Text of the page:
In some embodiments, the controller determines whether each of the operation(s) of the process(es) or component(s) are within the corresponding predefined safety envelope by calculating a value of an unmeasured parameter (1) of the process(es) or component(s) and/or (2) effected by the operation(s) of the process(es) or component(s) from the value(s) of the measurable parameter(s). The functions of the controller can be applied to multiple unmeasured parameters, as well as to one or more measurable parameters.
The present closed-loop control can be part of a medical therapeutic system that further comprises a reservoir, chamber or vessel containing the substance (to be delivered to the patient) and a tube, conduit or other delivery mechanism through which the substance is delivered to the patient. Alternatively, the medical therapeutic system may further comprise a process or component configured to irradiate the patient with a controlled amount of energy (e.g., X-ray, ultraviolet, positron, or ultrasound radiation), or apply a controlled force (e.g., a mechanical or electromagnetic force) to the patient.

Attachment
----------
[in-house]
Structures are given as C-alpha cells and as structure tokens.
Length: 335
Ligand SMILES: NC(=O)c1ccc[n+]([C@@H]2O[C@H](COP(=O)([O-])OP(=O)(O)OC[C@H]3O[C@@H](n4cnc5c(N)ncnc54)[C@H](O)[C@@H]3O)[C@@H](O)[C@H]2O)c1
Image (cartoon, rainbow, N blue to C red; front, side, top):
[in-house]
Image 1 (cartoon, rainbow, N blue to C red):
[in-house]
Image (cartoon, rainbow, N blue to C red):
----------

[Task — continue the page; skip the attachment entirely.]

Another aspect of the present technology concerns a theorem-proven controller for a medical therapeutic system, comprising a microcontroller, microprocessor, a field programmable gate array (FPGA), or an application specific integrated circuit (ASIC), and a physical memory. The microcontroller, microprocessor, FPGA or ASIC is configured to execute instructions to determine whether one or more operations of one or more processes or components of the medical therapeutic system are within a corresponding predefined safety envelope according to one or more functions. Each of the function(s) corresponds to a unique one of the operation(s), and describes mathematically the corresponding operation. The physical memory contains non-transitory, executable code including the instructions, the function that describes mathematically the corresponding operation of the process(es) or component(s), and the predefined safety envelope. The function that mathematically describes the corresponding operation comprises a model of the corresponding operation of the process(es) or component(s). The predefined safety envelope comprises one or more mathematical descriptions of maximum or minimum limits for a measurable or unmeasured parameter of the process(es) or component(s) and/or effected by the operation(s) of the process(es) or component(s). The microcontroller, microprocessor, FPGA or ASIC is configured to (i) maintain the operation(s) of the process(es) or component(s) within the corresponding safety envelope(s) or (ii) alert a user of the medical therapeutic system when at least one of the operation(s) of the process(es) or component(s) is outside the corresponding safety envelope(s). The code is updatable and/or modifiable by iteration (i) of the operation(s) and/or (ii) with the medical therapeutic system.